Resort Upgrades and Labor Issues More Important Than Ever as Utah Records Highest Skier Visits Yet
Despite a below-average snow year, season passes and an increased interest in outdoor recreation fueled the record-breaking numbers.
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Utah skiers, you didn’t just imagine the crowds. The state saw a record year for ski resort visitation during the 2021-’22 season. Utah’s 15 resorts had 5.8 million skier visits last winter, which is a half-million increase from last season’s total of 5.3 million visits. This type of increase certainly bolsters Park City Mountain Resort’s argument for upgraded lift infrastructure at its resort, a plan for which the planning board recently shot down. A new lift planned for Deer Valley, however, was recently approved. Read why here.
This uptick might appear confounding at first glance. Utah didn’t have a great snow year; the Utah Avalanche Center reports that Alta—a quick 45-minute drive away from Salt Lake City—received only 282.4 inches of snow during the 2021-’22 season. This total is nearly 500 inches below the resort’s snowfall record.
More Stats: The Numbers Don’t Lie: This Winter Was the Busiest Ski Season on Record
Resorts throughout Utah struggled with labor shortages last season, as well. Park City Mountain Resort’s lift access was down to 88 percent mid-season due to a lack of staffing. The resort strained to fill job vacancies as late as January 2022. Other resorts in the area, like Deer Valley, faced similar woes. Housing issues, Covid spikes, and wage disputes exacerbated these shortages.
Yet, despite such challenges, Utah still clinched a record-breaking year for resort visitation. Nathan Rafferty, the CEO of Ski Utah, speculated that season pass ownership made up for the lack of snow and staffing. According to the National Ski Areas Association (NSAA), season passes now make up more than half of national lift ticket sales. “If somebody has a season pass in their pocket, they’re more likely to ski,” said Rafferty in a conversation with Utah news station KPCW. Season passes offer resorts a hedge against variable weather—if you have a pass, you’re more inclined to ski, regardless of the conditions.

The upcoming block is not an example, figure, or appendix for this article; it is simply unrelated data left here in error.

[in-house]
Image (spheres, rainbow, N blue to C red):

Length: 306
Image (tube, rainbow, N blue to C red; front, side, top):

The rise of multi-resort conglomerates could also have positively impacted visitation numbers. The Ikon Pass and the Epic Pass, among others, allow skiers to follow the snow by offering access at multiple resorts, thus netting more days than ever before.
Utah’s on a streak of breaking its yearly ski visitation totals. If you exclude the 2019-’20 season, which was saddled by early closures due to Covid, Utah’s seen record seasons the past two years. The 2018-’19 season one-upped every season that preceded it in ski visit numbers, as did the 2020-’21 season.
Rafferty believes that the surge in outdoor recreation is just getting started. “I think we are going to see the continuation of riding this wave of outdoor recreation and it’s not just in skiing.”
Utah wasn’t the only state that had a banner year. Colorado broke resort visitor records alongside the NSAA’s Rocky Mountain region, which totals ski days across Utah, Idaho, Colorado, and Wyoming. National ski visitation toppled previous records, too. The U.S. stacked up 61 million ski resort visits this year, a 3.5 percent increase over last season.
While much of the U.S. enjoyed similar skier demand as Utah, they also dealt with the same labor shortages. Stevens Pass, in Washington, made national news amidst struggles to maintain its operations. Other resorts throughout the U.S. bent similarly under increased traffic; 81 percent of resorts surveyed by the NSAA reported staffing shortfalls.
In a May 13th press release, the NSAA remained positive. The press release noted several positive developments, including increased ski resort visitation. To them, more skiers enjoying the sport means that “the U.S. ski industry is healthy, and that the demand for outdoor recreation remains strong.”